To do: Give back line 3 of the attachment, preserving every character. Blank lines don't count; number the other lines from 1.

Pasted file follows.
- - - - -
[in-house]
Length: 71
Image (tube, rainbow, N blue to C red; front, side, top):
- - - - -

Image (tube, rainbow, N blue to C red; front, side, top):